• March 2019 New START declaration: 1,461 strategic warheads deployed on 524 intercontinental ballistic missiles, submarine-launched ballistic missiles, and strategic bombers.
  • The Federation of American Scientists (FAS) estimates approximately 4,490 stockpiled warheads and 2,000 retired warheads for a total of roughly 6,490 warheads, as of early 2019.

United Kingdom

  • About 120 strategic warheads, of which no more than 40 are deployed at sea on a nuclear ballistic missile submarine at any given time. The United Kingdom possesses a total of four ballistic missile submarines.
  • Total stockpile is estimated up to 200 warheads.

United States:

  • March 2019 New START declaration: 1,365 strategic nuclear warheads deployed on 656 intercontinental ballistic missiles, submarine-launched ballistic missiles, and strategic bombers.
  • FAS estimates approximately 3,800 stockpiled warheads and 2,385 retired warheads for a total of 6,185 warheads as of early 2019.

Non-NPT Nuclear Weapons Possessors:

  • India, Israel, and Pakistan never joined the NPT and are known to possess nuclear weapons.
  • India first tested a nuclear explosive device in 1974. That test spurred Pakistan to ramp up work on its secret nuclear weapons program.
  • India and Pakistan both publicly demonstrated their nuclear weapon capabilities with a round of tit-for-tat nuclear tests in May 1998.
  • Israel has not publicly conducted a nuclear test, does not admit or deny having nuclear weapons, and states that it will not be the first to introduce nuclear weapons in the Middle East. Nevertheless, Israel is universally believed to possess nuclear arms, although it is unclear exactly how many.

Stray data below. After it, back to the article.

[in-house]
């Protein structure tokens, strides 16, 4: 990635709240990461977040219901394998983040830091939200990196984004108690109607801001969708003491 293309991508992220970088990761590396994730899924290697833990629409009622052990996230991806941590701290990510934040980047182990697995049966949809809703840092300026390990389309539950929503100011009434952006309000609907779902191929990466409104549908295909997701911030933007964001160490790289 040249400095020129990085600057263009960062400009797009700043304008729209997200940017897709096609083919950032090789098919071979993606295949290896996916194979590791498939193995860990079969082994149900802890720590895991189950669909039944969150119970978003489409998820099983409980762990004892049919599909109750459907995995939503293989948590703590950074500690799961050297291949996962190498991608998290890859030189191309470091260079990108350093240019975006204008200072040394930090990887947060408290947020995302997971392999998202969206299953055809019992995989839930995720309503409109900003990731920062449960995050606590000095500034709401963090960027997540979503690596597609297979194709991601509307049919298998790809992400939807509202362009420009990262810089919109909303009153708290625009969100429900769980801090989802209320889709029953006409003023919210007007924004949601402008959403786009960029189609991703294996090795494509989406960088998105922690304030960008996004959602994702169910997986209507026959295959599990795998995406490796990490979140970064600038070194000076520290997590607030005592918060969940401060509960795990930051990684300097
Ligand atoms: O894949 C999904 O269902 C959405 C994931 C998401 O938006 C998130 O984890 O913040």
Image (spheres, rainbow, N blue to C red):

The following arsenal estimates are based on the amount of fissile material—highly enriched uranium and plutonium—that each of the states is estimated to have produced. Fissile material is the key element for making nuclear weapons. India and Israel are believed to use plutonium in their weapons, while Pakistan is thought to use highly enriched uranium.

IndiaBetween 130-140 nuclear warheads.
IsraelAn estimated 80-90 nuclear warheads, with fissile material for up to 200.
PakistanBetween 150-160 nuclear warheads.


States of Immediate Proliferation Concern:

Prior to the implementation of the Joint Comprehensive Plan of Action, Iran pursued a uranium-enrichment program and other projects that provided it with the capability to produce bomb-grade fissile material and develop nuclear weapons, if it chose to do so. Iran’s uranium enrichment program continues, but it is restricted and monitored by the nuclear deal. North Korea announced its withdrawal from the NPT in 2003 and tested nuclear devices and nuclear-capable ballistic missiles. Uncertainty persists about how many nuclear devices North Korea has assembled. In 2007, Israel bombed a site in Syria that was widely assessed to be a nuclear reactor being constructed with North Korea’s assistance. Syria has refused to cooperate with the International Atomic Energy Agency’s attempts to investigate.

Iran:

  • No known weapons or sufficient fissile material stockpiles to build weapons.